Other thoughts: “Every Valley”, by Public Service Broadcasting

What’s this? An opinion about something that’s not a book? Yep! Every Valley is the new album by the found-sound ensemble Public Service Broadcasting, and it’s the best album I’ve heard this year.

If you’re not familiar with them, PSB build progressive post-rock songs around mostly spoken-word clips taken from old information films. It’s not that this is an original idea – a lot of rock acts have played with samples to spice up long instrumentals, from Maybeshewill to 65daysofstatic to The Books – but PSB try to do more than just go for cheap jokes or coast on the quaintness of the past. As they joke, PSB’s mission is to “teach the lessons of the past through the music of the future”.

With each album, they’ve become deeper and richer – starting with The War Room EP, which uses old Blitz Spirit propaganda films from WWII, through the mishmash of newsreels and educational films from Inform Educate Entertain, to The Race for Space, which turns real radio transmissions from the Space Race into gripping songsEvery Valley is certainly their worthiest project yet, covering the fall of the South Welsh mining industry in the latter half of the twentieth century.

God, that sounds grim, doesn’t it?

But it works. PSB managed to make a concept album about Welsh industrial decline that is not only toe-tapping, but poignant. A listenable piece of social history that made its way into the top ten, all thanks to a few brilliant ideas.

For one thing, the range of samples has changed a little. While the first half of the album includes a few of the classic sort of perky government film clips (including the eponymous Every Valley, and an absolutely astounding disco-sounding 70s NCB recruitment advert in which a coal miner cavorts with a bikini-clad lass in a jacuzzi), they’re thinner on the ground, and essentially absent from the second half of the album.

As reviews of Inform Educate Entertain were already pointing out, by restricting themselves to British government films, PSB were only ever sampling a very small section of society – chiefly posh English men ready to tell you how wonderful the future would with colour TV, Spitfires and pleats. You only hear the stories the government wanted told, and the story of the slow, shambling death of coal mining was certainly not one. As a result, to make Every Valley they set up studio in Ebbw Vale, in the shadow of the closed steelworks, and interviewed local people about their experiences.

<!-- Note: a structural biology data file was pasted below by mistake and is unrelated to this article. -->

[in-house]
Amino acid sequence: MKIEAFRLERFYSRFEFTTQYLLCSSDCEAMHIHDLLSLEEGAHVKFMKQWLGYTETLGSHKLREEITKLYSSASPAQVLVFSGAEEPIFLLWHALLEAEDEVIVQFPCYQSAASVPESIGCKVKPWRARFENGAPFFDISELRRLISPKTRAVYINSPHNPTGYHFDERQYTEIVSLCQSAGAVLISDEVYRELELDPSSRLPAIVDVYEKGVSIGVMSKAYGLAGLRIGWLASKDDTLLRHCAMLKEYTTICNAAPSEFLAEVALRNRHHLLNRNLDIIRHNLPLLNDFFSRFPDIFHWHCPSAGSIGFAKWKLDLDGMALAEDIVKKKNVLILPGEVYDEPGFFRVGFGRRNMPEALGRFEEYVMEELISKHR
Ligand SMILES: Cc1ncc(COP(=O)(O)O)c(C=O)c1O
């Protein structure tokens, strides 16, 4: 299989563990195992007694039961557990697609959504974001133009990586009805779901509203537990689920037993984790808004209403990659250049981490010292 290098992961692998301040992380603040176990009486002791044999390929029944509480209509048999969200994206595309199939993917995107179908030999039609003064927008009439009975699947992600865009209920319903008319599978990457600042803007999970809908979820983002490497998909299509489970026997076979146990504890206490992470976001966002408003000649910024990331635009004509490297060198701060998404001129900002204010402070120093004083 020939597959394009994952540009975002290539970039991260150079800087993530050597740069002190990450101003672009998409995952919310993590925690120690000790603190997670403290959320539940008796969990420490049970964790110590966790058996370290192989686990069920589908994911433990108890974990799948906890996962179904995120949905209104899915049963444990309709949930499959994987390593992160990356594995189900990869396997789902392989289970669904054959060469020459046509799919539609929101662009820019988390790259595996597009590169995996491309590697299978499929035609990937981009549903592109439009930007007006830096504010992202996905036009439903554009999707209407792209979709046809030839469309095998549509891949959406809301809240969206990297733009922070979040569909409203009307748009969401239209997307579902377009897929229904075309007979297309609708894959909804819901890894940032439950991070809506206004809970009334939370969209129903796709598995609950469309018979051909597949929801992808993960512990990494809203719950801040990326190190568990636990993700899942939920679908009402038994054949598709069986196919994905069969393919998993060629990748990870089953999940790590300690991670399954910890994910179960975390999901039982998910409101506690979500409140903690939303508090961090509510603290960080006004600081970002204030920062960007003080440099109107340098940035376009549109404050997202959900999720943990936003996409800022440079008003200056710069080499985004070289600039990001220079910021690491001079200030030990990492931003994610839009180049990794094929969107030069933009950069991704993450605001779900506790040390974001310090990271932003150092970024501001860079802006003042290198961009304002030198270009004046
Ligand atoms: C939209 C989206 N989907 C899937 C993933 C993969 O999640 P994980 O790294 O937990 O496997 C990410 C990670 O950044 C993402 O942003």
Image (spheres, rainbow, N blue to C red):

These interviews cover the obvious topics: the Miners’ Strike is the topic of “All Out”, a fiery wall-of-sound that can only be described as like PSB’s “Signal 30” covered by Rage Against the Machine that crescendoes towards a softly-spoken woman quietly intoning “I was brought up to respect police. I don’t respect them now.” But you also hear the stories of the lives that orbited around the mines above ground. “They Gave me a Lamp” – named for the memoirs of a colliery nursing officer – quotes members of women’s support groups from the area as they explain how learning to do  wire a plug or change a tyre helped make them more independent, and one man in “Mother of the Village” talks about his sadness at seeing the village’s pubs empty.

One thing you won’t hear is names. The album is political – it couldn’t not be – but you never hear Thatcher, Wilson or Scargill. It was Labour that collaborated with the unions to close pits in the 1970s, and the Conservatives that left struggling communities out to dry in the 1980s, but these events are really the background. It’s the details that the miners themselves bring up – knowing the closure of the mine didn’t just mean you lost your job, but also that your sons lost their futures; remember that once, the village had had shops – that make the album. These are the timeless messages, the ones that deal with moments of deep personal experience, say something about the spirit of our time, and will still be worth saying a hundred years hence.

It’s not all about interviews though. The culture of South Wales also gets its chance to shine, and deliver its own messages. The poet Idris Davies’ Gwalia Deserta XXXVI is set to music on “Turn No More”, sung by James Dean Bradfield of the Manic Street Preachers, and the Welsh language is the equal of English in the heartfelt duet “You + Me” with Lisa Jên Brown. The album ends with the Beaufort Male Choir singing Edwards Hand’s classic “Take Me Home” – the perfect blend of beauty and melancholy and a physical reminder that although the mines are gone, the communities they wrought still survive.

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